Provide an “how to” with simple rules for your team. Remember, the chat is there to be asynchronous; it’s written, and it’s permanent. Set some ground rules immediately:
No “Hi.” If you want to say something, say it. Don’t expect answers immediately. Don’t say “Hi,” wait for the person to acknowledge, and then ask the question. That is rule 0.
Be explicit. Acknowledge reception. Sometimes you need to be sure someone got a message. Be explicit. We use this for incident management, where someone would say, “Hey, David. We have an issue with Let’s Encrypt revoking a few million certificates” and David, as a response, actually types out stuff like “@channel I am the Incident Commander for OP-17701 / Deploy Git 3.3.84 / Let’s Encrypt cert issue.” A lot of implicit signals get lost over chat. Make sure, when needed, to be very explicit.
Channels creation. Add to the usual teams channels (e.g.,#marketing, #finance, #hr) an #onboarding channel to help new employees; a #questions channels is great, too; a #random to keep the weekend debriefing chat only in one place;, a #the-outside-world for market insights. Because the normal socialization contexts of your employees have changed, a high number of channels is ok. Have some large ones. And some topic-specific ones. Coordination happens on big channels; detailed work on small ones. You’ll figure it out. But too many channels is probably the correct baseline, a bit like power outlets. If your chat system supports threads, use threads.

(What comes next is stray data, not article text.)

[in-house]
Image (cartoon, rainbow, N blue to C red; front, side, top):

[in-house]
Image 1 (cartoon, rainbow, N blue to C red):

Use @Channel appropriately. This command alerts the entire team, use it with purpose. Not that many things require the full channel’s attention.
Make most channels public. Train people to reduce the amount of direct messages they use. The usefulness of chat is to give people context. Over-communication is key.
Use video chat for synchronous meetings. Apply the same rules to video chat as you do to meetings. Bring a written agenda to the table (we find a shared Google doc to be very effective). Make sure notes are taken. Reserve meetings for decision making, management sync-up points, and crisis management. Minimize those. Keep them short. Video calls are less effective than in-person meetings. Remember, in this context, people will probably be home, with kids jumping up and down. The rules of decorum change. Over-communicating on chat is excellent. Over-communicating on video will kill your productivity.
Never assume everybody will read every word you wrote in every channel. Make sure that stuff ends up in formats people can actually grok. We like to produce short slide decks to capture decisions. Longer document formats to capture longer conversations. Caution: don’t think your chat can become your ticketing system. There’s no accountability there. If you’re used to assigning tasks to people verbally, don’t bet on chat to replace that. For ticketing, try systems like Jira (most of our teams use that), Trello (some of our teams), Basecamp, or whatever works best for your organization.
The COVID-19 situation won’t last forever, and eventually things will return to normal. You have the opportunity to see this as a learning experience, and one that can make your team stronger and more resilient. Maybe you’ll find it creates new opportunities to hire people where you didn’t think you could before. And even grow into a distributed organization, as we did at Platform.sh.
This challenging health crisis may well be an opportunity for positive change in your organization. Remote is more resilient. Remote is more eco-friendly. Remote enables more diversity. Stay safe!